The Bishop of Trinidad & Tobago has applauded the vote by that country’s legislature to remove criminal penalties for possession of up to 30 grams of cannabis. Speaking at an “Old Year’s” service on 31 Dec 2019 at Holy Trinity Cathedral in Port-of-Spain, the Rt. Rev. Claude Berkley, however warned that alongside decriminalization the government should educate young people on the risks posed by mariijuana and address the country’s soaring crime rate.
On 11 Dec 2019 the Dangerous Drugs (Amendment) Bill 2019 was put forward by the government for debate and was passed by the House of Representatives following eight hours of debate. Speaking for the government, Attorney General Faris Al-Rawi said: “The history of cannabis is rooted in our country and, in fact, in our culture,” noting “cannabis certainly can be traced to several ethnic, religious, and cultural traditions…”
The bill seeks “to reform the criminal justice system by alleviating the burden placed on the system at all levels by the plethora of cases relating to the possession of cannabis; and to reduce the harmful impact of marijuana convictions which has been borne primarily by poor and underprivileged men.”
In the bill passed by the lower house of Parliament, those found in possession of fewer than 30 grams of cannabis will face no penalty. Those possessing 30 to 60 grams will be found guilty of a summary offense and may face a fixed penalty fine of TT$5000 (USD $739). Those who fail to pay the fine may be sentenced to a further fine of TT$50,000 and sentenced to 30 hours of community service. The new law also forbids public consumption of cannabis and the driving of motor vehicles, aircraft or boats/ships under the influence of the drug.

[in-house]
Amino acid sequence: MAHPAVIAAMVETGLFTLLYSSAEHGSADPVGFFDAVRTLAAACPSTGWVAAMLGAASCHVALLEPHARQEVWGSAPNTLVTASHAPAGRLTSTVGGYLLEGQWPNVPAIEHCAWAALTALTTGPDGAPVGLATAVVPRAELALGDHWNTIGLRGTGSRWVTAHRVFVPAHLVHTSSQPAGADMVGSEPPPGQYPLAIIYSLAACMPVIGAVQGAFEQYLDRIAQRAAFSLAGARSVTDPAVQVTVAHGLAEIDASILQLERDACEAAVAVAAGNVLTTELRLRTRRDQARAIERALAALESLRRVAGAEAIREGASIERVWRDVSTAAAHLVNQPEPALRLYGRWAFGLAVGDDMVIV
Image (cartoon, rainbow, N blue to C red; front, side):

A second Cannabis Control Bill (CCB) was also introduced to parliament that would permit the use of marijuana for medical, religious and research purposes. The house voted to send the CCB to a Joint Select Committee for review.
Bishop Berkley said he supported the new law, but asked the government to ensure that “services, rehabilitative centers, opportunities for community service, education in respect to what can happen by use and misuse” was provided, along with a responsible attitude towards addicts. The state should not be “locking up people with addictions” but supporting their reintegration in society.
The relaxation of marijuana laws in Trinidad must not become an excuse for the state’s inability to combate crime. “The murder rate, the bold faced slaughter of fellow human beings with impunity … theseeming inabuility to address the issue and bring it under control” must be the government’s first priority the bishop said.